A look inside Foxconn gives us a new perspective on workers’ conditions; one solution to the “right to be forgotten” dilemma may be to implement mandatory online insurance; meanwhile, a Columbia grad in New York has been converting pay phone booths into libraries. These discoveries and more below.
On a regular basis, Truthdig brings you the news items and odds and ends that have found their way to Larry Gross, director of the USC Annenberg School for Communication. A specialist in media and culture, art and communication, visual communication and media portrayals of minorities, Gross helped found the field of gay and lesbian studies.
The links below open in a new window. Newer ones are on top.
What Cameras Inside Foxconn Found
Last month, The New York Times published a front-page article highlighting working conditions at a factory in China owned by Foxconn Technology, where Apple’s products are built, but there have been some developments, some progress and some new revelations.
Woman Pleads Guilty to Scamming Nigerian Scam Artists
Australia’s Courier Mail brings us this rather ironic piece of news to brighten our day: An Australian woman nearly made off with more than $30,000 after pulling her own scam on a bunch of Nigerian scam artists.
Google, Others Agree To Adopt Privacy Button
The industry move toward a “do-not-track” setting comes as the government steps up Internet privacy monitoring and protection.
Israel backing down on Iran threats
The U.S. president reportedly feels recent threats by Israeli spokesmen are unnecessary warmongering and believes the Iran issue should be handled by superpowers.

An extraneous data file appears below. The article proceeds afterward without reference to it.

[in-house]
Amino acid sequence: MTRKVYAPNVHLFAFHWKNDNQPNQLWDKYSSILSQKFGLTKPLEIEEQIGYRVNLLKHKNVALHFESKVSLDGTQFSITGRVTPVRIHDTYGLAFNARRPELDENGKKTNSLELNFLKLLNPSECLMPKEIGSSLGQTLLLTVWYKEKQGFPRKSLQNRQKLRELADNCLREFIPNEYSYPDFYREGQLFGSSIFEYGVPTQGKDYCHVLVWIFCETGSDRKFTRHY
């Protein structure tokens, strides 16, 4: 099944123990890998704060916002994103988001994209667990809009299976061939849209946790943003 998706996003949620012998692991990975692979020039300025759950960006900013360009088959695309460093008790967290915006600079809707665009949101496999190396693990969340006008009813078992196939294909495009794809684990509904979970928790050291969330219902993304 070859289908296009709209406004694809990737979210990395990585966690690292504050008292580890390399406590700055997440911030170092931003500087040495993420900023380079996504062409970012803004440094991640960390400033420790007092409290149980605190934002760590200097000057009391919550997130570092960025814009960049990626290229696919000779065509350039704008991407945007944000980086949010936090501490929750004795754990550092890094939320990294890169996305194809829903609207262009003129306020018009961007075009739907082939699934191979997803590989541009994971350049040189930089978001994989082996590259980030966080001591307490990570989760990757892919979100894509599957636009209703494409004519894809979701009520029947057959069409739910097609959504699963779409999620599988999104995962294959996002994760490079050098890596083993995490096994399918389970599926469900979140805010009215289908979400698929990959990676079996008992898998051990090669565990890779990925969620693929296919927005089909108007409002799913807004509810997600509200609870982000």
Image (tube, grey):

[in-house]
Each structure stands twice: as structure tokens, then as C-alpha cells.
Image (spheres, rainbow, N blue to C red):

How Fox News Recycled GOP Talking Points—With Typos
An excerpt from David Brock, Ari Rabin-Havt, and Media Matters’ new book, “The Fox Effect,” published by Random House.
Romance Novels, The Last Great Bastion Of Underground Writing
Romance fiction is widely reckoned to be a very low form of literature.
British culture may be our great new industry
The power of British culture has replaced the class system, and has stimulated an economy of the mind.
The Information Welfare State
The “right to be forgotten” doesn’t go far enough. We need mandatory insurance to protect online reputations.
How Greece Could Take Down Wall Street
The Houses of Morgan, Goldman and the other Big Five are justifiably worried right now, because an “event of default” declared on European sovereign debt could jeopardize their $32 trillion derivatives scheme.
Why We Speak Freely on Social Networks
Social networking sites give us portals into another person’s (user’s) mind, so far as that person (user) makes public their thoughts, ideas, feelings and desires.
Could the secular world draw useful lessons from religious life?
The decline of religion in the West has brought a decline in community spirit.
How New York Pay Phones Became Guerrilla Libraries
John Locke thinks people should read more. So in the past few months, the Columbia architecture grad has slipped around Manhattan with a sack of books and custom-made shelves, converting old pay phones into pop-up libraries.